Following the sinking of one of the world’s largest dry docks on October 29 in a shipyard in the far northwest part of Russia, officials have finally admitted that they are unable to continue work on Russia’s sole aircraft carrier, the Admiral Kuznetsov, for the time being. While Russia’s shipbuilding industry is reportedly looking into alternatives, no timely and viable solution to continue retrofitting work on the Russian Navy’s flagship has emerged to date.
“We have alternatives actually for all the ships except for [the aircraft carrier] Admiral Kuznetsov. Our enterprises are in operation, [including] the Nerpa [Ship Repair Factory],” the head of Russia’s United Ship-Building Corporation (USC), Alexei Rakhmanov, is quoted as saying on November 7 by TASS news agency. “After all, we can perform certain docking works in Severodvinsk, not far from Murmansk. We don’t feel any special problems in this regard.”
However, the Russian shipbuilding industry does not possess a large enough facility to accommodate the carrier and it will take at least six to 12 months to recover the sunken floating dry dock. According to open source information, Russia would require international support for any such complex recovery operation as it does not possess the equipment to lift the massive drydock from the seabed on its own.
While work in the ship’s interior can continue, absent a large floating dry dock, it is unlikely that Russia will be able to keep up with the current overhaul schedule, as all work on the ship’s bilge had to cease. Initially, the carrier was to return to active duty within the next two years. Shorty after the incident, there were reports that Severodvinsk shipyard possesses another floating dock, PD-1, that could be used to continue work on the carrier. However, following an evaluation, it was determined that the facility would not be able to accommodate a warship the size of the Admiral Kuznetsov.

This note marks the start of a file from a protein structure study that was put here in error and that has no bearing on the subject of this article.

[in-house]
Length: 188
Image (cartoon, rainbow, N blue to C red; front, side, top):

The Swedish-made PD-50 drydock reportedly sank when the Admiral Kuznetsov was being pulled out after the failure of a pump system on the night of October 29. As a result of the sinking, a crane fell on the carrier’s deck leaving a hole above the waterline that measures 4 by 5 meters. The accident also injured four workers. The Russian government has set up a commission to investigate the sinking. After the conclusion of the investigation, the commission is set to offer its recommendation whether to recover the PD-50 or look for alternative ways to complete work on the carrier.
The Admiral Kuznetsov was commissioned in 1990 and last underwent a two-year refit between 1996 and 1998. The Russian Navy’s 55,000-ton flagship has never been deployed for longer than six months and famously had to be followed by an oceangoing tug boat during all of its sea voyages due to the carrier’s poor reliability and questionable performance during a recent deployment to Syria in 2016.